psychology test 4 Nagmita

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  1. Changes that occur in behavior as the result of normal development and aging are referred to as
    learning
  2. UCS- Unconditioned Stimulus
    automatically elicits a response
  3. UCR- Unconditioned response
    A reflex, occurs every time UCS is presented.
  4. CS- Conditioned Stimulus
    Turns a neutral stimulus into one similar to UCS
  5. CR- Conditioned Response
    Same reaction as UCR, just due to CS
  6. The effects of learning can be observed with
    Behavior and Maturation
  7. In classical conditioning, the neutral stimulus becomes what?
    The conditioned stimulus
  8. Eliminating the paring between the CS and UCS leads to
    Extinction
  9. Extinction in Classical Conditioning
    Presenting the CS alone without the UCS
  10. Generalization
    Making the same response to different stimuli
  11. Discrimination
    Narrowing the response to a specific stimulus
  12. Systematic Desensitization
    Replaces anxiety with relaxation, Client is first taught to relax and then exposed gradually to more anxiety provoking situations
  13. Aversion Therapy
    Associating an unpleasant experience to a stimulus that formerly produced a pleasant experience
  14. Counterconditioning
    Reversing what was conditioned. Based on classical conditioning that attempts to replace bad or unpleasant adaptive responses. "un-condition"
  15. Law of effect
    Organisms tend to repeat responses that have satisfying consequences, and tend not to repeat those responses that have unsatisfying consequences.
  16. Primary reinforcers
    Naturally reinforcing, tied to biological needs like food & water.
  17. Secondary or conditioned reinforcers
    Developed reinforcing properties because they have been associated with other reinforcers( grades, money).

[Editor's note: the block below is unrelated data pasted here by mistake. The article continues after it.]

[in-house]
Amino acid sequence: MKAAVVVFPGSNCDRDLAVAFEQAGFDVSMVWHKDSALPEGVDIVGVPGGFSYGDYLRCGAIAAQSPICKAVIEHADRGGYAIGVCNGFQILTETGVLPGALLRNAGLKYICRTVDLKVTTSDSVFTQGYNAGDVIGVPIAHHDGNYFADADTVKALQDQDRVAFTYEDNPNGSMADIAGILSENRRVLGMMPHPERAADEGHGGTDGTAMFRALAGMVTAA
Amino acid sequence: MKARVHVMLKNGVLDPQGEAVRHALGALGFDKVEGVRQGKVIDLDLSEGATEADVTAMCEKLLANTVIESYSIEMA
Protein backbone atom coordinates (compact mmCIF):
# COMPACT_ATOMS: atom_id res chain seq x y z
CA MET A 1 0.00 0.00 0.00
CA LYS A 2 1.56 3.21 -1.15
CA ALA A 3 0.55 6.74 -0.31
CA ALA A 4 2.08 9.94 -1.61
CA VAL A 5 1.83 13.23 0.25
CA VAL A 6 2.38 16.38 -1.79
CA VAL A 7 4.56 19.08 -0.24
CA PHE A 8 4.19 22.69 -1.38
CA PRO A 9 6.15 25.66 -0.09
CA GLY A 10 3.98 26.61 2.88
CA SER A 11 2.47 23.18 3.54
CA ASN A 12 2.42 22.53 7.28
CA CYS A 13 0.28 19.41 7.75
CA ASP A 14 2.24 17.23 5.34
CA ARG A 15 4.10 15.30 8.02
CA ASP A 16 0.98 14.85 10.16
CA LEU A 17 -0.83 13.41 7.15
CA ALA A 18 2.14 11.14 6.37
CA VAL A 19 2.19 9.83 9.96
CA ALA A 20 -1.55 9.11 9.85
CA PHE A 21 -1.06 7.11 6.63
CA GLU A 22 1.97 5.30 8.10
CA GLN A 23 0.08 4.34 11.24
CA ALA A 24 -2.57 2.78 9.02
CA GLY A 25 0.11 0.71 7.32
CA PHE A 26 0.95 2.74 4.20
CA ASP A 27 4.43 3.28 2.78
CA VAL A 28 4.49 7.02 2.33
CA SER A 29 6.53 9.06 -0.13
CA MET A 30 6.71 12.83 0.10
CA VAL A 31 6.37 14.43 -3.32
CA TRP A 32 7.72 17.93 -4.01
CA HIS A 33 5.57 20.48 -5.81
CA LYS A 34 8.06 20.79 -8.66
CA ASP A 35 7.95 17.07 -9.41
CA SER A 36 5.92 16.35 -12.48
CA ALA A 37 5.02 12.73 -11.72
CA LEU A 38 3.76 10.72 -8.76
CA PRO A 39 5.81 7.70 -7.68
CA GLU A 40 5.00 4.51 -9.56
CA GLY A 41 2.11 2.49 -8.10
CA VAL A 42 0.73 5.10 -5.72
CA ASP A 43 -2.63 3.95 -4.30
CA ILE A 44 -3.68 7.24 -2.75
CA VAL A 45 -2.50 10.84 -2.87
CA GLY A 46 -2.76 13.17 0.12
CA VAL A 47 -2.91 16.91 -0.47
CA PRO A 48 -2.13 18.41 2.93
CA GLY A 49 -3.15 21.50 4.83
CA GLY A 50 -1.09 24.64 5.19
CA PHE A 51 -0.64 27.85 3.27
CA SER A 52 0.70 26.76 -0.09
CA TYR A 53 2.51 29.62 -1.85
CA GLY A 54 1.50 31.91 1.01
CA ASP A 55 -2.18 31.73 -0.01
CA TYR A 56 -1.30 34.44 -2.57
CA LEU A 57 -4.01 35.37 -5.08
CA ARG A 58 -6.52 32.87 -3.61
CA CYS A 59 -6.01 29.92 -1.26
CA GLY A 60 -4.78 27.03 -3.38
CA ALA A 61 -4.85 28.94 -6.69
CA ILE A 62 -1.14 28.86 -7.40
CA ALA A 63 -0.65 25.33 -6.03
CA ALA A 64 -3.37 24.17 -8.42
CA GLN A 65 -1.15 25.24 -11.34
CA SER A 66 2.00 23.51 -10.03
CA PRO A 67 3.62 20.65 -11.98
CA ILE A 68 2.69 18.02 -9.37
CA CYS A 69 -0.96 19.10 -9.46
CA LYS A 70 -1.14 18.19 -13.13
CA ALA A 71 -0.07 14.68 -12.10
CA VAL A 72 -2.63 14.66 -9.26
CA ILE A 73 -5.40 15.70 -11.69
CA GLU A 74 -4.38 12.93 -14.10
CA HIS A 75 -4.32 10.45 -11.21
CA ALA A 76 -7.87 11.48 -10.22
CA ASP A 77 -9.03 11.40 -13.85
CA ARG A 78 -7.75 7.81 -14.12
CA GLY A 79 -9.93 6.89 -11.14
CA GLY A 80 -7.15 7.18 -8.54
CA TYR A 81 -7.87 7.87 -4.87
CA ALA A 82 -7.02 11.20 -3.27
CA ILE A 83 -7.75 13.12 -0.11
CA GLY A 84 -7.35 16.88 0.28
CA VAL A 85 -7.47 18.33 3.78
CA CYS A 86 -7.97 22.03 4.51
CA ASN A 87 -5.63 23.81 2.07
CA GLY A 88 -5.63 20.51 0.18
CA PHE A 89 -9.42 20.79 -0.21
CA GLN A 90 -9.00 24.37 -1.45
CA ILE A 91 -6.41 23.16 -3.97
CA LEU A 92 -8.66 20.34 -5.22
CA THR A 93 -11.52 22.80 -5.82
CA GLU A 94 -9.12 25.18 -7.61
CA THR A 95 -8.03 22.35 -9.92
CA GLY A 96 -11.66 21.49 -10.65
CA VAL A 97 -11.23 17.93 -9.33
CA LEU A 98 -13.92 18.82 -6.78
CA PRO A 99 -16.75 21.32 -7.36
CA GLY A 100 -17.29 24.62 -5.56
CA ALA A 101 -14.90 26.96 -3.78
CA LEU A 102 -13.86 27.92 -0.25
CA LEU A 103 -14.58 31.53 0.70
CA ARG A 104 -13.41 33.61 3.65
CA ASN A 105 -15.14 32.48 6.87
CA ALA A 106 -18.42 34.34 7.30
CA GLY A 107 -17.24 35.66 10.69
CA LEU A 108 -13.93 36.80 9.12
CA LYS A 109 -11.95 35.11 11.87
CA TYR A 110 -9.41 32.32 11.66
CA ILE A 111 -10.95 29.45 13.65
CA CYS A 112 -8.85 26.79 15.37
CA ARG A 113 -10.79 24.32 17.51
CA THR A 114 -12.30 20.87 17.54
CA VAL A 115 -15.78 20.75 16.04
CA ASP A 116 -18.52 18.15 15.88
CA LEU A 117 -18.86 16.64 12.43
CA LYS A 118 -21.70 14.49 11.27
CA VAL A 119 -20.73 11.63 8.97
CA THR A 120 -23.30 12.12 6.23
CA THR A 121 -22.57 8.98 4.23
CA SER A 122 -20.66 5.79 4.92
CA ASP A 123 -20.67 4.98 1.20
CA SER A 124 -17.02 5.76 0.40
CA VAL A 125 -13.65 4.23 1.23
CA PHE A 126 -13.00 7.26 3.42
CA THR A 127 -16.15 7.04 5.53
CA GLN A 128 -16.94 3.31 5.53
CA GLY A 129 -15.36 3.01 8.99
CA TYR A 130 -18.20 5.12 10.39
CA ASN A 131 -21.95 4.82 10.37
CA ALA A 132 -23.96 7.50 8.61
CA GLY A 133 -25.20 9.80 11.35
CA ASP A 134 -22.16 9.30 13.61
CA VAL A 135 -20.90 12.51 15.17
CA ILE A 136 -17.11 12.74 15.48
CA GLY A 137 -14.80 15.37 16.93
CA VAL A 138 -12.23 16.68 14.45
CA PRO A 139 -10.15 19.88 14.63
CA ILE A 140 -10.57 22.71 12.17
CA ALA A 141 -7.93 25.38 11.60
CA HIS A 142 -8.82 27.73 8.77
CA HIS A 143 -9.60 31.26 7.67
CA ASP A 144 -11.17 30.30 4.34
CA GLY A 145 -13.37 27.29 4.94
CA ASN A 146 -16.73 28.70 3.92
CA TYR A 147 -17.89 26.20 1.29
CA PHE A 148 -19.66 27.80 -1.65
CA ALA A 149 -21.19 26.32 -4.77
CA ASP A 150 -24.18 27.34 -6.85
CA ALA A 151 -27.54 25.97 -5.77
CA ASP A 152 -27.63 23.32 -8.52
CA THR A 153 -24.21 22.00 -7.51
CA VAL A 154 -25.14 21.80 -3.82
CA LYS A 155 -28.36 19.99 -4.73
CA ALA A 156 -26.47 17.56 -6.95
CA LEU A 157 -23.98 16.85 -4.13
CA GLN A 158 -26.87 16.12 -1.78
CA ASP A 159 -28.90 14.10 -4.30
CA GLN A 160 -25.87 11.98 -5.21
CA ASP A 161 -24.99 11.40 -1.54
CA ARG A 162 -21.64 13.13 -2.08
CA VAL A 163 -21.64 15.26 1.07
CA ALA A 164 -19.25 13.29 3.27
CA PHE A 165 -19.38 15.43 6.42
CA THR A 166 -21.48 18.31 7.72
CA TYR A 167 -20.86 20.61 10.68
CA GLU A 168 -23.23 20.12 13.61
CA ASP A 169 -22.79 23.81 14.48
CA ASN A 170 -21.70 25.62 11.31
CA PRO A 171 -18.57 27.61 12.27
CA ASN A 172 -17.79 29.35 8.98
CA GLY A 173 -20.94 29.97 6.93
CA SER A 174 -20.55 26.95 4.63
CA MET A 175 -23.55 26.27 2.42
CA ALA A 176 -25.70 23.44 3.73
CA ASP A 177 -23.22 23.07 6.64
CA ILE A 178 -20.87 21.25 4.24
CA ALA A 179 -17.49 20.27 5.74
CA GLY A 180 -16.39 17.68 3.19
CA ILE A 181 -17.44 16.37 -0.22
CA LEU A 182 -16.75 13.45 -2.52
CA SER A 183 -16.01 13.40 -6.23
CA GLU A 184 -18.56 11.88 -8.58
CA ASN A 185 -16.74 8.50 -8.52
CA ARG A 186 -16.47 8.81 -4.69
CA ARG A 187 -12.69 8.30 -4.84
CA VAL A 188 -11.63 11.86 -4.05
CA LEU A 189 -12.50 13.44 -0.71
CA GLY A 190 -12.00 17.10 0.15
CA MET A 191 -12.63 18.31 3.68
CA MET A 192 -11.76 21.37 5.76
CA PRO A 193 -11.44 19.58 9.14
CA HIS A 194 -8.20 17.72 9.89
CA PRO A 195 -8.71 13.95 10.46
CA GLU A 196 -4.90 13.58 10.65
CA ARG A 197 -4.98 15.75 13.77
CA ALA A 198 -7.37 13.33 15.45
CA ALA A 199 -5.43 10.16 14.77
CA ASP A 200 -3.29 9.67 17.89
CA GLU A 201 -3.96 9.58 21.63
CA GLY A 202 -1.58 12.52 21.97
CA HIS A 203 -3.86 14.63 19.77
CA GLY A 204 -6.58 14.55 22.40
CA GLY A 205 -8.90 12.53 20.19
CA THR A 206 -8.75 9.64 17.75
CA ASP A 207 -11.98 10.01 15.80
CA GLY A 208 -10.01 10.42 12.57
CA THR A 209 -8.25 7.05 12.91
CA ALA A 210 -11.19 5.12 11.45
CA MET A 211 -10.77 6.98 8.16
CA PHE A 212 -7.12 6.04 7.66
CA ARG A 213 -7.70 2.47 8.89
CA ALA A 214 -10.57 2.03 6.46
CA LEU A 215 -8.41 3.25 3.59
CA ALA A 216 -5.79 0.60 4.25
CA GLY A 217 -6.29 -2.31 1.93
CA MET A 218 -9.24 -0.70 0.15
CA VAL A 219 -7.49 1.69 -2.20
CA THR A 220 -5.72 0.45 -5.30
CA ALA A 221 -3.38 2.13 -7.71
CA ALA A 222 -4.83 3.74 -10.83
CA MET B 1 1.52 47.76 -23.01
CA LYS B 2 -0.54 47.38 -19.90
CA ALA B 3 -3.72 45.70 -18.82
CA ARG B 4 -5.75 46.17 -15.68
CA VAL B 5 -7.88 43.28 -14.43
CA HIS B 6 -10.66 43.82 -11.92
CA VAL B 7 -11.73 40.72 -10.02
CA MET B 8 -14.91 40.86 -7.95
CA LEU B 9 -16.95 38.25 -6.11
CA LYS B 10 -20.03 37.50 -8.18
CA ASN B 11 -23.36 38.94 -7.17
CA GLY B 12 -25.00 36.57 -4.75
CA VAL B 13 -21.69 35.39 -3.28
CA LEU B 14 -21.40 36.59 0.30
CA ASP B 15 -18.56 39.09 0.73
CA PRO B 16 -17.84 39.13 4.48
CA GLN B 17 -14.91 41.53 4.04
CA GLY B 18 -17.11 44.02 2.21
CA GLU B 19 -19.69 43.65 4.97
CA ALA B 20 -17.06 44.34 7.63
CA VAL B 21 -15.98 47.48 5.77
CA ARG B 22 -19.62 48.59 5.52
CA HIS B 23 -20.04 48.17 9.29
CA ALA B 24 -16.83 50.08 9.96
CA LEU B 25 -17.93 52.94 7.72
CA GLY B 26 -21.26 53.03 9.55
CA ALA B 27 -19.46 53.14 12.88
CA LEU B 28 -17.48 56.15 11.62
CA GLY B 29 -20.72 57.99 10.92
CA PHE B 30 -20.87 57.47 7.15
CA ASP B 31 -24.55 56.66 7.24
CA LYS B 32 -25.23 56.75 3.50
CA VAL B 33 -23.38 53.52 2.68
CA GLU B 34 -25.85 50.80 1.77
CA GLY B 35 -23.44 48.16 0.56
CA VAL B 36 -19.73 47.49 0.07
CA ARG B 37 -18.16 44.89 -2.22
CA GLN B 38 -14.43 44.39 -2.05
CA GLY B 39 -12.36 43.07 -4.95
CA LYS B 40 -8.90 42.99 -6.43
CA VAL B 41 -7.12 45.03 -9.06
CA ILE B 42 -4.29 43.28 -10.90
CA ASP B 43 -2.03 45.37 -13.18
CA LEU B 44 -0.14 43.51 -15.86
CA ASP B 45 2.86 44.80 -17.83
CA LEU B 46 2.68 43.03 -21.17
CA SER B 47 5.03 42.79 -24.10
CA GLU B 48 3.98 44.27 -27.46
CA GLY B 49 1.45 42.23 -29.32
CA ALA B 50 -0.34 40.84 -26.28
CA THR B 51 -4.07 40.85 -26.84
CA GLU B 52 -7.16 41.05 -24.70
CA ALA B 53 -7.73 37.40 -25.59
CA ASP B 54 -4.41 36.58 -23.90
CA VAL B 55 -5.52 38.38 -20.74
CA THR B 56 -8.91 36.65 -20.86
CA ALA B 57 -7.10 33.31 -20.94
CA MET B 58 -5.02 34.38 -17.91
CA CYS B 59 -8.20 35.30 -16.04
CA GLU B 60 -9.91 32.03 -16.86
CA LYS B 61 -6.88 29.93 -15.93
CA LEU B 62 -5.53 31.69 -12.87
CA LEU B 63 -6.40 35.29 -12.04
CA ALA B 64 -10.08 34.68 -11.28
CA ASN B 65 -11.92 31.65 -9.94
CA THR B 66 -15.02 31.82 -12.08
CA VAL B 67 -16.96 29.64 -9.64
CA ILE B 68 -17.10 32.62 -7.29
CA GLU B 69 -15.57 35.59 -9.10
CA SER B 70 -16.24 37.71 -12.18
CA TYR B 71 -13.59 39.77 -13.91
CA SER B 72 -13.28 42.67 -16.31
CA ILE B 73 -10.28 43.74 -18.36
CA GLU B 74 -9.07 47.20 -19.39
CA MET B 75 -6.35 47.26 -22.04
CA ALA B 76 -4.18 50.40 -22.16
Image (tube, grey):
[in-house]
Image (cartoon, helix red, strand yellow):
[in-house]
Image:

18. Positive reinforcement
    Increasing frequency of a response by adding pleasant things
  19. Negative Reinforcement
    Increasing frequency of a response by taking away an unpleasant thing
  20. Stimulus Control with example
    Specific behaviors become more likely in certain settings and at certain times than others. ex. traffic signals
  21. Shaping
    Taking small steps to achieve the desired behavior
  22. Extinction in Operant Conditioning
    Response declines or stops, due the elimination of the reinforcement.
  23. A child asking his father for money only when his father is in a good mood is an example of
    Discriminative
  24. Is intelligence one of the most agreed upon concepts in the study of psychology
    no
  25. The approach to intelligence that focused on the measurement of intellectual or psychological abilities became known as
    Psychometric Approach
  26. A complex statistical technique that is used to identify the traits that make up intelligence
    Factor analysis
  27. Two factor theory of intelligence consists of
    Specific abilities and general intellegence
  28. He was hired to develop the test to identify children who were not doing well in school and thus may be in need of special Services.
    Alfred Binet
  29. What is mental age
    age level of most difficult item a child can answer correctly
  30. What is chronological age
    Actual age in years months and days
  31. What is intelligence quotient?
    mental age divided by the chronological age multiplied by 100
  32. The term used to describe how well a test measures what it is supposed to measure
    Validity
  33. What is criterion validity
    Measure test results vs. IQ
  34. What is predictive validity
    Predict something like grades
  35. Does the psychometric approach produce a clear comprehensive understanding of intelligence
    no
  36. What do products and processes refer to when it comes to intelligence testing?
    Product is simply the accumulation of bits of knowledge. Process is referred to as the ability to selectively pay attention to and process novel information.
  37. According to Robert Sternberg the fundamental unit of solving an intelligence test is called?
    Component of triadic theory
  38. What's the key part of Ann Browns theory of intelligence
    What the people with intelligence do differently than the people without intelligence.
  39. According to what theory is intelligence simply defined as the ability to process information.
    Fagan's Theory of Processing.
  40. The amount of time a baby looks at a new picture compared to a familiar one is called
    novelty preference
  41. In Vygotsk's theory what is a wide zone of proximal development
    how many hints the person needs to give the desired answer
  42. Can the negative effects of an early deprive infancy be overcome if a child is placed into a favorable and enriching environment?
    Yes it would depress intelligence but good environment can improve it.
  43. Larger family size have ____ IQ's
    lower
  44. Later-born children have ___ IQ's than early born kids.
    Lower